Have A Nice Life Describe Their Latest Album’s Ambitious Post-Punk Journey

The sought after post-punk duo Have A Nice Life provide a musical window into anxiety, depression, and the mixture of the two where boundaries become irrelevant on their aptly named new record Sea of Worry. The band’s Tim Macuga explains the album’s themes as resting in “anxiety, from the global, to the interpersonal, then simply personal level.” Strikingly, they make their album’s exploration of this unsettling territory captivating, thereby elevating their’s music’s pieces into an ambitious new vision. Their new album feels like a subtle celebration of life, or at least musical ambition, firmly planted in that musically expressed, familiar anxiety.

Reaching This Album

Macuga and collaborator Dan Barrett explain that their music reflects their shared personal commitment to the artistic collaboration of their friendship as exemplified in Have A Nice Life, which at this point has been active for almost two decades.

For me, it’s as much my relationship with Tim, and with the process we use to create music, than it is with any specific genre,” Barrett explains about what keeps him coming back after all this time. “I feel best when we have a project to work on, when we’re planning something, when I can daydream about how it will turn out. Tim constantly challenges my preconceptions about writing music, and it’s never not fun.”

Macuga thinks similarly. “We chase other muses in other venues, but yes, HANL is our friendship manifest in art,” he adds. “A recent interviewer asked if we had made marriage-like vows to each other, which I thought was touching. If a year goes by and we’re not creating, rehearsing, and/or imagining things together, a horrible divorce must have taken place. I agree about the unimportance of the kind of music. If, I dunno, Roger Whittaker-type schmaltzy music-hall stuff became what genuinely lit our brains on fire, that’s where we would go together on the next album.”

Recently, Macuga took the lead on developing some especially challenging tracks under the moniker of Consumer — whose full-length album In Computers came out just last month via The Flenser — but at the same time, the two have kept Have A Nice Life publicly active in between albums with standout moments like their two performances at 2019’s Roadburn Festival, where they performed their 2008 Have A Nice Life debut full-length Deathconsciousness in full.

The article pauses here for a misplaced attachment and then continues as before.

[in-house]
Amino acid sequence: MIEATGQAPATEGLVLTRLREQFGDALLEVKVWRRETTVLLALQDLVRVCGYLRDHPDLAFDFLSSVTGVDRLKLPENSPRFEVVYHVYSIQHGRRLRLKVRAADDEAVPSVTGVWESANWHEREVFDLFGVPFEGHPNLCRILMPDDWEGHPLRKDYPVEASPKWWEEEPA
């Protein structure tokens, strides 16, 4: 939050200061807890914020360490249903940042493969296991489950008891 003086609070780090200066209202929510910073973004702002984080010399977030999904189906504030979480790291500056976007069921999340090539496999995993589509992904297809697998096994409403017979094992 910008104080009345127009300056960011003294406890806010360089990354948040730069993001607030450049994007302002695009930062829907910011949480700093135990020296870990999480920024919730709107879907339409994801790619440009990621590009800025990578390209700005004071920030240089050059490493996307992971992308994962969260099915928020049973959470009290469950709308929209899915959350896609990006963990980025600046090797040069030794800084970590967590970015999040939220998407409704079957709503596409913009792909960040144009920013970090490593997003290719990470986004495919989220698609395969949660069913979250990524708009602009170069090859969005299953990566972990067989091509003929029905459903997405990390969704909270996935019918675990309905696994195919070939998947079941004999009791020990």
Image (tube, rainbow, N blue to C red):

The Sounds of Sea of Worry

On their latest album, Dan and Tim amplify their dynamics. The first part includes some very driving tunes that deliver the experience of anxious moods, while in the latter portion, they ease into more spread out, sonically contemplative territory. The final track — the thirteen-minute long Destinos — includes a jarring, minutes-long audio sample of a preacher pronouncing fire and brimstone right alongside the duo’s slowly building, introspective music.

That’s been a part of that song for a long time,” Barrett explains of the sample. “For me, the inclusion is because I find it a perfect example of backwards, anti-human thinking… and in general, I feel like the anti-human strains of our culture are at their peak. It’s a profoundly difficult time to be alive, to simply be a person. I find it fascinating that there are people for whom that’s the goal.”

Even with the sonically and emotionally heavy components of Sea of Worry, the band’s intent to craft musically captivating experiences always shines clearly.

In the many years that the duo have been collaborating, they’ve had the chance to witness decades worth of developments of the “experimental” music community and their collective creations that don’t quite fit anywhere familiar.

It’s inspiring that there is so much out there… I just barely have my head above water with older stuff that captivates my interest to follow much of it, beyond what’s in Flenserland orbit or folks we end up with on bills,” Macuga shares. Other artists with recent releases on The Flenser include the Portland-based shoegaze project drowse, the anxiety-riddled soundscape artists in the L.A.-area Wreck and Reference, and the menacing Texas industrial group Street Sects. Earlier this year, Have A Nice Life actually performed at a NYC showcase of artists on The Flenser, including Consumer, Wreck and Reference, Pennsylvania’s Planning For Burial, and the Boston-area Elizabeth Colour Wheel.

“I’m still getting over, like, Ornette Coleman. Or Stockhausen. Or the item room music in Metroid,” Macuga continues. “It’s not that I don’t want to better understand the zeitgeist, I just get lost in the library stacks. There’s no excuse – sometimes I feel like one of those myopic 78 rpm collector guys in Ghost World. With that said, it’s motivating to see highly original peers like Wreck and Reference tear across the map or drowse collaborating with other projects in a prolific way. I’m just some guy ripping off Christian Death; they’re breaking actual ground.”

As for his own project, Macuga shares: “We have the Voor Trilogy, and my St. Francis tapes have continuity, but outside of that, we rarely think in terms of “OK, next phase…” We release material that we really like, that feels like it represents us in the moment, and it’s awesome if other people connect. It never ceases to surprise us that anyone cares.”

Photo via Emily VanGraafeiland

Listen to some of the album ahead of its official full release via The Flenser on November 8.

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